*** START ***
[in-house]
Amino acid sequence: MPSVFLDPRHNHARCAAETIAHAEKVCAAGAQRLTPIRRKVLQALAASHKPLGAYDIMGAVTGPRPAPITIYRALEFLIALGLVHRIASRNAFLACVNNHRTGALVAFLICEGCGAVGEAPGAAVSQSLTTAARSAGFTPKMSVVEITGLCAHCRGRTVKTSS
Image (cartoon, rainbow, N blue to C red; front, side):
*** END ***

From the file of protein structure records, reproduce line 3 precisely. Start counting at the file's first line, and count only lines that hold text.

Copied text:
Image (cartoon, rainbow, N blue to C red; front, side):